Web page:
As an artist Selçuk has a passion for investigating artistic identity of others as well as himself. A key part of this is his tendency to re-imagine significant figures, or pop culture icons in a way that represents his unique perception of them and what they represent. He’s composed sculptures that help give life to his views on Disney characters like Mickey Mouse, pop culture icons like Barbie and even mythological figures like the Greek father of the Gods: Zeus.
Selçuk has also been known to re-imagine works by old masters in the hopes of updating them to a contemporary standard as seen in his piece inspired by Michelangelo’s ‘David’ which, he believes, has become ‘tired’ by the number of people viewing and recycling the same, old, carbon copied image and perception. Although a lot of his work is inspired by personal views on a subject or shape there is no mistaking that others connect with the visions and ideas he puts forward through his artistic output in an avid and active way. The genius of his work is that it appeals to people through the topics, icons and symbols it investigates but also through the very fact that it is predominantly sculpture which viewers can stand next to, walk around and interact with that really allows people develop a dialogue and connection with his work.
In re-imagining key pieces of pop culture he in turn steals a little of their audience’s attention and aims it back at himself while, all the while paying homage to the original source. The materials he utilises in order to make his ideas into solid, sculpted reality cover a vast array of sources. He has been known to work in any medium that peaks his interest or suits his purpose, switching from one to another at a moment’s notice, but quite often tends to favour a particular material or component for the duration of a series. Examples of this include concrete, a recurring material for the artist due to its durability and familiarity with potential viewers, neon paint and silicon.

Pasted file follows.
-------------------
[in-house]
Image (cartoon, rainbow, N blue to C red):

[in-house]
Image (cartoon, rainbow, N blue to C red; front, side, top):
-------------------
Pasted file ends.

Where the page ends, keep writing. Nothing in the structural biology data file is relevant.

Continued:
Selçuk works with daring, with unabashed love of pop culture and with a great knowledge of satire when it comes to the topics he covers. It’d be very easy to compare an artist like Selçuk to the likes of England’s prolific yet mysterious Banksy in this regard but there’s something very personal about Selçuk’s work, something very self serving that isn’t always found amongst the works of someone like Banksy. Yes, both artists comment on culture in all its forms, and no: neither artist would seem to be limited to a specific medium or style – but: where Banksy’s work is made to shock, awe and move great numbers of viewers from piece to piece – Selçuk’s work feels a lot more personal, a lot more introspective.
When viewing a Selçuk piece you are sharing a moment with the artist, a private joke of sorts that you either get, or you don’t. It’s as simple as that and Selçuk knows this very well. He welcomes the interpretation of anyone interested enough and hopes you’ll put your own ideas forward because, at the end of the day, it’s human beings and the culture they create, the comments and stories they build around simple icons or identities that keeps his work fuelled and well informed – and should do for years to come.